After a decade of engendering fear, they’re now telling us not to worry

Today, Scott Morrison told us to stop panic buying and not succumb to fear. In the last fifteen years, the message has been the exact opposite.

 

 

This morning, I experienced peak absurdism. As Scott Morrison was asking us to stop coronavirus panic buying, I was at Woolworths, witnessing a woman justify the twenty-four bottles of lime juice in her possession, drowned out by the man with an armful of duck pâté, claiming that his five-year-old’s birthday dinner will be carrying on regardless.

One tends to wonder how we’ve got to a stage where we’re trading blows over toilet paper while pretending not to hear the anguished one-way phone conversations or the gesticulated pleas of those stranded in aisles with barren trolleys, wondering how they’re going to feed themselves and their family for an unknown period of time.

Yet, in the words of the Prime Minister, “Stop hoarding, stop it now…it’s one of the most disappointing things I’ve ever seen.”

 

 

Admonishment from an unpopular leader is one thing, but once again, Morrison has totally failed to read the room. Many of us are scared that we’ll lose our job, be unable to pay the rent, or to some, literally survive. Shaking a finger at these ‘disappointing’ people fails to grasp what pushed them to do it in the first place. 

Today, we were told not to be afraid by the same people who taught us to fear everything. Muslims, boat people, the poor, the unemployed, the indigenous, the unions, the latte sippers. We’re learning that the 2019 election loss was more than the unsuitability of Bill Shorten, it was massed pork-barrelling, voter coercion and the deep pockets of Clive Palmer.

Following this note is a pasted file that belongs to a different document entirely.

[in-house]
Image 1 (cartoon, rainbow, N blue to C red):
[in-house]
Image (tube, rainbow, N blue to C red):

While some may loudly decry the busloads of city folk stripping the shelves of rural supermarkets as un-Australian, I believe this is exactly who we are, or at least, who we’ve become. It’s not entirely Morrison’s fault, but the utter hideousness of our portrait in the attic has been a long time coming. If we’re looking for a catalyst, I’d wager the 2001 Tampa crisis was the beginning of the course we seemingly cannot right.

 

 

Empathy has since become a luxury that we cannot afford, or afford to show, otherwise these faceless people from somewhere dirty will steal our tiny piece of Australia from underneath us. It echoes the lessons from above, as we’re all guided by the mind of a religious man whose beliefs allow one to be rich and pure at the same time.

I don’t know who the bloody hell we were, but I certainly know who we’ve become. Adani, Peter Dutton spying on Australians, secret trials of whistleblowers, offshore detention, the AFP raids, the repeated (unpunished) instances of corruption, undercutting marriage equality with the right to discriminate, the systematic failure to combat the bushfires or manage the climate. All have been ants slowly gnawing away at the metaphorical green-and-gold meat pie within.

After all, the ALP’s plan to defeat Scott Morrison is a clone of Scott Morrison. Our leadership comes in the form of nonsense, trite catchphrases: The best form of welfare is a job. Have a go, get a go. Patriotism will see us through a global pandemic.

So, we’re left to lead ourselves. It’s why we’re prone to this primordial selfishness Morrison fails to grasp. We don’t trust the government to look after us, so we’re desperately attempting to look after ourselves. We’re having a go in lieu of getting a go.

Morrison’s attempt to put the genie back into the bottle by force is typical of the man and the party, but it will invariably fall flat, and will thrust us further into panic and fear, as again, the plan is no plan; nothing but the usual cocktail of buzzphrase, punishment, and empty platitude.

 

 

 

 

 

 

 

 

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